After acquiring an AK-47 and another gun, as well as ammo, per the affidavit, Cazarez bought a Ford Fusion, and the two drove to Tijuana, Mexico. They then ditched the car and hopped on a bus bound for Sonora, Mexico—and that’s when they were busted with the weapons and $3.8 million in cash after being randomly flagged for inspection at a checkpoint. Meanwhile, back in Anchorage, it took bank officials an entire day to get the vault door open when Cazarez was a no-show for work. Cazarez was charged and convicted in Mexico for money laundering and illegal possession of firearms and served out that sentence before being shipped back to the US. The AP notes Cazarez’s girlfriend wasn’t charged. If convicted, Cazarez could see up to 30 years behind bars and be hit with a fine up to $1 million.

US fishermen lose quota in new fishing pact with Canada

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American fishermen are losing thousands of pounds of valuable fishing quota under a new catch share agreement with Canada.

Fishermen from the U.S. and Canada seek haddock, cod and flounder on Georges Bank, which is a critical fishing ground east of New England. Under the new agreement, the U.S.’s eastern Georges Bank cod quota is falling by more than 25 percent to about 415,000 pounds and the eastern Georges Bank haddock quota is falling by about 4 percent to about 33 million pounds.

The regulatory New England Fishery Management Council approved the catch share agreement for the 2019 fishing year last week. The council says the quotas are based on historical catches and trawl surveys.

The new quotas face more approvals from the federal Department of Commerce.

Students Support College Chief in Beer Bong Controversy

The Free Press WV

Having the president of your college actively involved in student life is desirable. Having one who takes pulls on a beer bong with you at a football game—that’s up for debate. Dr. Carlos Vargas, head of Southeast Missouri State University, says he now realizes his actions before a Sept. 15 pigskin matchup in Carbondale, Ill., weren’t “flattering” and has vowed it “will not happen again,“ per a statement cited by Fox News. Someone caught his chugging camaraderie on video, and the now-viral video on Twitter (so far viewed more than 155,000 times) is something “I am not proud of.“ He also noted the beer bong itself, calling it “a device normally associated with excessive or binge drinking, which is conduct I do not condone.“ But while Vargas is now expressing regret for his actions, many SEMO students are throwing their support behind him.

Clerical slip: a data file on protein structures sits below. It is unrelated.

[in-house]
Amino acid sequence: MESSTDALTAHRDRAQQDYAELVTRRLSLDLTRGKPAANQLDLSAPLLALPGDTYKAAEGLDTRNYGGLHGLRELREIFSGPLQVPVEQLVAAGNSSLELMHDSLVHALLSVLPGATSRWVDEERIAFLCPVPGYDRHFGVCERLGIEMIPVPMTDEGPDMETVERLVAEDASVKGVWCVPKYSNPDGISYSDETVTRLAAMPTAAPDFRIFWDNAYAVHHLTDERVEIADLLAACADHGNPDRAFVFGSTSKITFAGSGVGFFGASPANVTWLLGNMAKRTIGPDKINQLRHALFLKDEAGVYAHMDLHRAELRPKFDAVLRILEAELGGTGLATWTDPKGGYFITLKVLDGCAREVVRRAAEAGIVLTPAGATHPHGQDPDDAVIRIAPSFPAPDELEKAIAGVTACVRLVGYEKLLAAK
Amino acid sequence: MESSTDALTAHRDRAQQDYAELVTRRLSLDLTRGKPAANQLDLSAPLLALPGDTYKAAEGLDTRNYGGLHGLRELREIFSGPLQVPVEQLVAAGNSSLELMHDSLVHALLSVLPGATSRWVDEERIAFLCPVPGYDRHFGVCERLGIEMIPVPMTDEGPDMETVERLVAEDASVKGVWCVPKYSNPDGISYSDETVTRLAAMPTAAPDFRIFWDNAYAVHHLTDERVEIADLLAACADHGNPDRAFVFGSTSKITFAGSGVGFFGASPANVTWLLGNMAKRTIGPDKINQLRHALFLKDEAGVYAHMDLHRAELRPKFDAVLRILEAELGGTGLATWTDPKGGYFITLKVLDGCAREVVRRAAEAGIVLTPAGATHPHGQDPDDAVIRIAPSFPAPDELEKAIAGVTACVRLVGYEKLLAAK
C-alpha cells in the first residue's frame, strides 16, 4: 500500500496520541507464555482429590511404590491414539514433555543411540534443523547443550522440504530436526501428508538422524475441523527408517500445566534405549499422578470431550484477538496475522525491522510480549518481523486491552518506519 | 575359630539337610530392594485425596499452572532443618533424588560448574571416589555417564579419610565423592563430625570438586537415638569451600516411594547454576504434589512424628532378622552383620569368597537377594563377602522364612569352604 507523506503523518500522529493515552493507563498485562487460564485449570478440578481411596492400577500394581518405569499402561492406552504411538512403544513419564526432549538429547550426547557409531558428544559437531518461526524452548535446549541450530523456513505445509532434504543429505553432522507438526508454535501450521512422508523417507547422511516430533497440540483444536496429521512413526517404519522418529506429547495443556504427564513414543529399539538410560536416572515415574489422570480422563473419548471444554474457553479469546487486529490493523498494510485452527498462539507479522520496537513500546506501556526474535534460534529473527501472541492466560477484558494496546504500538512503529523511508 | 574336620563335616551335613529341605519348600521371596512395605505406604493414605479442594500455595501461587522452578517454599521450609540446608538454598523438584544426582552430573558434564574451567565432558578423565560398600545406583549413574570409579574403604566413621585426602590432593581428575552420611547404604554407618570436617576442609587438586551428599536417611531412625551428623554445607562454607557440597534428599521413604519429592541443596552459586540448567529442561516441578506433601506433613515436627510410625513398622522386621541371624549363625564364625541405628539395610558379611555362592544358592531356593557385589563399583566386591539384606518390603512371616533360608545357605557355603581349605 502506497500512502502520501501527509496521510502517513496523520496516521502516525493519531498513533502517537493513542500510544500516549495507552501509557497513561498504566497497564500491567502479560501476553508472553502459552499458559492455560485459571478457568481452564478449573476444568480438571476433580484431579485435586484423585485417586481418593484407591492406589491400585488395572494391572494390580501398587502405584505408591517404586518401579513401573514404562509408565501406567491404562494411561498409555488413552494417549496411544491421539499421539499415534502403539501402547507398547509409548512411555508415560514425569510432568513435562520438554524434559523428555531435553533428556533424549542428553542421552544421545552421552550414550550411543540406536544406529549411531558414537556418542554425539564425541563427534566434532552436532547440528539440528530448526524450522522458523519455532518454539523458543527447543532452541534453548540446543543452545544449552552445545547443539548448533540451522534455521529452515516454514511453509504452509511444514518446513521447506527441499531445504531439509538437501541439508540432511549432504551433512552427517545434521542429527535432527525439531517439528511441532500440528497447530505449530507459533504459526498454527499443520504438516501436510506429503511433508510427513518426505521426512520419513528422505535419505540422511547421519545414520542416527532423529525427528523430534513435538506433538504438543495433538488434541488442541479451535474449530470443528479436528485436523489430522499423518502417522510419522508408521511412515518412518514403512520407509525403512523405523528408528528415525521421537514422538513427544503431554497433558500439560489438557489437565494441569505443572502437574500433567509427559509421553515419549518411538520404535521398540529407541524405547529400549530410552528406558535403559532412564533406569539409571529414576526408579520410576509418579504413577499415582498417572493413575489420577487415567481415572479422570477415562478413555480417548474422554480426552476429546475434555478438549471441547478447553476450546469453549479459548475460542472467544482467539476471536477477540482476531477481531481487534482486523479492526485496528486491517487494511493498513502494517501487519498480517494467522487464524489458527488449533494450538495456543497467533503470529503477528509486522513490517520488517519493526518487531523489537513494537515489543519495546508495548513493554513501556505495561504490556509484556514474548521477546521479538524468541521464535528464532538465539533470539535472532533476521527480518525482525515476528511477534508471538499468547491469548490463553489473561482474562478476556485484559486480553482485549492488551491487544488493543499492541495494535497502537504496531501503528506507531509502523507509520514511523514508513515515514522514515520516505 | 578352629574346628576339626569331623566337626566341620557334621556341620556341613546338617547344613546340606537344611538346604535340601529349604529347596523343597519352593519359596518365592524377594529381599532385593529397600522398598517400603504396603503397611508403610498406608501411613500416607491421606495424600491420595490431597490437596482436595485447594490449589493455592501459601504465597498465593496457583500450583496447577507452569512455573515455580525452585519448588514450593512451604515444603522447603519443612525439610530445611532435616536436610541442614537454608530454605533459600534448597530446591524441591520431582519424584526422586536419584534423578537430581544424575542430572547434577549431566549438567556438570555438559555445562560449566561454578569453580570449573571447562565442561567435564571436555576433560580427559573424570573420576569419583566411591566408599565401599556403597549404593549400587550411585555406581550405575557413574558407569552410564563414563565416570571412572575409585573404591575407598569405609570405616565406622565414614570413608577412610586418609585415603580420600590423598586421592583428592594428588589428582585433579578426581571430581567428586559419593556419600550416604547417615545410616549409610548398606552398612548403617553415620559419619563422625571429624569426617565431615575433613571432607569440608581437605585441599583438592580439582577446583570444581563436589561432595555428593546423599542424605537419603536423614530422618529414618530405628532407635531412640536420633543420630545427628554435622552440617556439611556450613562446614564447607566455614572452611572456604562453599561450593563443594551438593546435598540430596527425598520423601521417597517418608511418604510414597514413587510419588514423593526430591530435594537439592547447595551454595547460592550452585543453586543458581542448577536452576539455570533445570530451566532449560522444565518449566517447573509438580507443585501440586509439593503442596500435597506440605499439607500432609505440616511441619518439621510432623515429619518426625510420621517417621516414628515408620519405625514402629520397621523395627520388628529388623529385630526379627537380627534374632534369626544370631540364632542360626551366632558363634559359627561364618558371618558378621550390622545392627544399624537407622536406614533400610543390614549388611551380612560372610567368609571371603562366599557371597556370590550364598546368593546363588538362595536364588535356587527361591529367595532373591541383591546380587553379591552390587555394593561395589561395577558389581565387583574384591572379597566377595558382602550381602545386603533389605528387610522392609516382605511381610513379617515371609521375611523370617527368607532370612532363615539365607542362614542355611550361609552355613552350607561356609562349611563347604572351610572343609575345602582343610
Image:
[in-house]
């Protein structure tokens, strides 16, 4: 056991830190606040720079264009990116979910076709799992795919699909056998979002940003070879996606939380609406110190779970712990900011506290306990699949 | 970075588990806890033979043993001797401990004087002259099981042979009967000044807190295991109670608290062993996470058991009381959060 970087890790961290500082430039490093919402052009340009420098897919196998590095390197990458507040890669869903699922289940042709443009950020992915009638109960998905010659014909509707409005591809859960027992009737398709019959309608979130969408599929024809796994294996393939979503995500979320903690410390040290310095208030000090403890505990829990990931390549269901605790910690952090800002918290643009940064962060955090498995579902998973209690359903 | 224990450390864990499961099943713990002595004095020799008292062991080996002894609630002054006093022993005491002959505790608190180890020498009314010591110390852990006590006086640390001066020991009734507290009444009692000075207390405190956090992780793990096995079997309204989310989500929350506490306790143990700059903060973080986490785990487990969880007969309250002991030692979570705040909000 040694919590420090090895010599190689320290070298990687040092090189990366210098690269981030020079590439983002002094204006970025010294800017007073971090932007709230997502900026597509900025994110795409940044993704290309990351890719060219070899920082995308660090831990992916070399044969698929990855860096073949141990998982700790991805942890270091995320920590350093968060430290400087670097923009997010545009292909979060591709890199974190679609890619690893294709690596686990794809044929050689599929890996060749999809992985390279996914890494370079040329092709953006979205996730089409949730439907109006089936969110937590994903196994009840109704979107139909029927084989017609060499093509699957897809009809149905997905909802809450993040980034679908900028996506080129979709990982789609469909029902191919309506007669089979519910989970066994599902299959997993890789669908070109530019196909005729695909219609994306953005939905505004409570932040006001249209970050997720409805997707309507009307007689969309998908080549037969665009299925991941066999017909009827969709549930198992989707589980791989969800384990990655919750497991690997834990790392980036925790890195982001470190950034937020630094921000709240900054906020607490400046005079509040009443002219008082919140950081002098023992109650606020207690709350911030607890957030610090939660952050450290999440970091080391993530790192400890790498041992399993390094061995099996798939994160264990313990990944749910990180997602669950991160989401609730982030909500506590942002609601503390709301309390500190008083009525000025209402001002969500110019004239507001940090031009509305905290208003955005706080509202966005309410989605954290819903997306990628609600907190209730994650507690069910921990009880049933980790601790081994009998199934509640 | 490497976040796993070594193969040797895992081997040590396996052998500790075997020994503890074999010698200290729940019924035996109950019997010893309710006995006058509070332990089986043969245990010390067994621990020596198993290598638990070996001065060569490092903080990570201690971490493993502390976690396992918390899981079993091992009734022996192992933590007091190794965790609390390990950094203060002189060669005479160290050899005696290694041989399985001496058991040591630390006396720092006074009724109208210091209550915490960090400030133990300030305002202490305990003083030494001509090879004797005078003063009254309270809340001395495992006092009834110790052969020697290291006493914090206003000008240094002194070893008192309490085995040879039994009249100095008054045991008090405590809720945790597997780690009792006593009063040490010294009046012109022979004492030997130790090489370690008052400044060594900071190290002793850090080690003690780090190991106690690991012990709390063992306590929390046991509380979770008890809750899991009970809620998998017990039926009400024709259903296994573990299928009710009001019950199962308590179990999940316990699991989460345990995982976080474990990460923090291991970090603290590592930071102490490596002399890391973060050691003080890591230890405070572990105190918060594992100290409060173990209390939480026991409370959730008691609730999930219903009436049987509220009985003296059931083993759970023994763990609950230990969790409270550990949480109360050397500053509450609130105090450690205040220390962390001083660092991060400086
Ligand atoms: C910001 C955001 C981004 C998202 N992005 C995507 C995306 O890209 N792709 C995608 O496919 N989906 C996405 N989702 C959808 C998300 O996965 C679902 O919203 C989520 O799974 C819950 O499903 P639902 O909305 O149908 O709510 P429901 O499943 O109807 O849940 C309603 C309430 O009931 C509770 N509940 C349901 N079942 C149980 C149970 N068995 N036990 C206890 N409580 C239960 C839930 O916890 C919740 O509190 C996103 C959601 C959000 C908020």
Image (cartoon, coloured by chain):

“Dr. V, you rock!“ someone can be heard yelling in the video (captioned on Twitter with “THATS MY PRESIDENT”) as other students cheer Vargas on and document him on their phones. “I think the student body is proud of him,“ one student tells KTVI; another adds: “I think he’s a great president.“ Inside Higher Ed and the Southeast Arrow student paper note some are even irritated that Vargas apologized. “He is obviously of age, so I don’t see an issue,“ a grad student tells the Arrow. Donald LaFerla, head of the college’s Board of Regents, issued a statement alongside Vargas’, noting that while the president may have had a “lapse in judgment,“ it “does not define who he is” and can be used as a “teachable moment.“ LaFerla adds Vargas has his support and that of the “full Board, now and in the days, weeks, and months ahead.“

Opioid Grants

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On the first day of National Substance Abuse Prevention Month, U.S. Attorney Bill Powell is applauding the Justice Department’s announcement of more than $6 million in grant funding to West Virginia to combat the opioid crisis.

The Department of Justice announced it is awarding almost $320 million to combat the opioid crisis in America. The unprecedented funding will directly help those most impacted by the deadliest drug crisis in American history, including crime victims, children, families, and first responders.

“President Trump has made ending the opioid crisis a priority for this administration, and under his leadership, the Department of Justice has taken historic action,“ said Attorney General Jeff Sessions. “Today we are announcing our next steps: investing $320 million into all three parts of the President’s comprehensive plan to end the epidemic: prevention, treatment, and enforcement. We are attacking this crisis from every angle—and we will not let up until we bring it to an end.“

“We know that we can’t arrest our way out of this epidemic. It is crucial that every facet of the community be an active part of the fight. The various grants awarded will assist with treatment, prevention, enforcement, and research, all important tools in addressing the crisis” said Powell.

In 2017, more than 72,000 Americans lost their lives to drug overdoses, an increase from the 64,000 overdose deaths in 2016, according to the Centers for Disease Control and Prevention. Of the 72,000, 1,011 lives were lost in West Virginia in 2017. The majority of these deaths can be attributed to opioids, including illicit fentanyl and its analogues. October marks two important anti-drug events: Red Ribbon Week and National Prescription Drug Takeback Day. Red Ribbon Week takes place every year between October 23-31 and encourages students, parents, schools, and communities to promote drug-free lifestyles. The Drug Enforcement Administration’s (DEA) National Prescription Drug Take Back Day on October 27 aims to provide an opportunity for Americans to prevent overdose deaths and drug addictions before they start. DOJ expanded on DEA’s Drug Takeback Days and collected more than 2.7 million pounds of expired or unused prescription drugs since April 2017.